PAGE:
By Doug Strickel
Growing up back in the 1970s and ’80s, I played the about every sport offered at some point and learned a great deal from each one. Looking back, I think those learnings from the athletic fields and courts were as valuable to me as the classroom education. I make that comment not to lower the value of that classroom education, but rather to elevate the importance of what can be learned in athletic competition.
While all those sports played had a role in my development, baseball is probably the most representative of real life. Baseball exemplifies life in so many ways.
- We are going to fail at times (strike out) and that can be very disappointing.
- We are going to find success at times (a base hit) and that can be so good,
- We are going to make mistakes (errors), but we must learn from it, put it behind us and get ready for the next challenge.
- We may do some really impressive things (great catch in the field), and we need to celebrate and cherish those experiences.
- We are going to experience others letting us down (left on base without scoring), but we have to understand, forgive, and/or just move forward.
- We are sometimes just going to have bad days (give up three home runs in one inning – Yes, I did that), but there will be better days too.
- Things aren’t always fair (bad call by umpire), but life must go on.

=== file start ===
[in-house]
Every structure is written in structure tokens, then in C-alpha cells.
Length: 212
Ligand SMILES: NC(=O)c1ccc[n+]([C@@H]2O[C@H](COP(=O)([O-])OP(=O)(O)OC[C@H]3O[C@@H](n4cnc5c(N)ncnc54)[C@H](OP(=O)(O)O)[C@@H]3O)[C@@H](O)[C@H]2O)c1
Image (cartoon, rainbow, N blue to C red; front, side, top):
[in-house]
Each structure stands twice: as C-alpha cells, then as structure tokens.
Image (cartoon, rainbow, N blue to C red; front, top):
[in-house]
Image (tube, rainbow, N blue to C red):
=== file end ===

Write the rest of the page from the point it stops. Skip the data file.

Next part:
- We are going to see others have success at times while we struggle (hitting line drives right at people and no matter how hard we try we can’t get on base), but life goes on.
- We are going to see others that we are close to struggle (teammate in a slump), and we do all we can to encourage and help them.
Through all those failures, successes, mistakes, letdowns, bad days, great days, unfair situations and struggles, the key is to just keep playing the game. In baseball, one team wins, and one team loses based on the results on the scoreboard. The only “loser” in life is the one that quits competing, quits playing the game, or quits trying. Failure is not losing. If we aren’t failing at times, we are likely not challenging ourselves enough! Those that play it safe will never reach their potential.
Whatever season of life you are going through right now, consider what getting back in the game means to you. Sometimes getting back in the game starts with just being a good teammate toward others. Maybe it’s a big step forward in faith out of your comfort zone. It could just be battling through a tough time with the support of a few close teammates.
Just like baseball, life can be hard, unfair and disappointing. It can also be fun, impactful and rewarding. The key is to just keep playing the game!
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